Activision has removed another streamer’s skin (from a game, not their body). TimTheTatman, a prominent Call of Duty streamer, asked to have his operator bundle removed from Call of Duty in support of his friend Nickmercs, whose skin was pulled last week after he made homophobic comments. “At Tim’s request, we have removed the TimTheTatman operator bundle from the Modern Warfare II and the Warzone store,” wrote Activision spokesperson Neil Wood in an email to The Verge.

TimTheTatman, who named Nickmercs as a long-time friend, tweeted that it “felt wrong” for him to still have a skin in the games when Nickmercs didn’t and requested that Activision remove his skin too. “In support of my friend, please remove the TimTheTatman bundle,” he tweeted. Another FPS streamer, Dr Disrespect, also expressed his solidarity with Nickmercs by uninstalling Call of Duty during a recent stream.

(It is notable that Dr Disrespect, who was once temporarily banned from Twitch for streaming from a public bathroom before being permanently banned for mysterious reasons, is developing his own extraction shooter that would likely be in competition with Call of Duty: Warzone.)

All this has happened after Nickmercs made a comment that invoked a homophobic dogwhistle that bigoted people have repeated for a very long time: that anything LGBTQ+ related is harmful to and should be kept from children.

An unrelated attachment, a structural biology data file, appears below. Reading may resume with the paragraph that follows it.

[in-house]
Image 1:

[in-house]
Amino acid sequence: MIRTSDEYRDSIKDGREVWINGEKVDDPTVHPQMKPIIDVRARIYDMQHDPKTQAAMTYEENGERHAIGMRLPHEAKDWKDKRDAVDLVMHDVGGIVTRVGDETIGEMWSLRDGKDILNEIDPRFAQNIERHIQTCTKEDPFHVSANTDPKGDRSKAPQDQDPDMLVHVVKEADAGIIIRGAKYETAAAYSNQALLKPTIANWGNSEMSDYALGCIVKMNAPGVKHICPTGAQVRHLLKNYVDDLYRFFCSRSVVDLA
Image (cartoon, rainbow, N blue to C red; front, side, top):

After the skin was removed, Nickmercs apologized to people whose feelings might have been hurt but affirmed that he was not apologizing for, nor taking down, the offending tweet. In a tweet on Friday, he said he “had no hate in his heart” and thanked the people supporting him. (Some of his supporters have left comments on social media referring to LGBTQ+ people, including this reporter, as groomers and pedophiles for pointing out exactly how Nickmercs’ seemingly innocuous words, “leave little children alone,” have been twisted into a homophobic dogwhistle.)

It seems possible that Activision might forgo making skins based on real people in the future. It’s a lesson the Blizzard side of the company has learned several times before, removing a World of Warcraft NPC based on a former employee accused of sexual harassment, renaming an Overwatch character, and removing a skin developed for an Overwatch League player accused of sexual assault.

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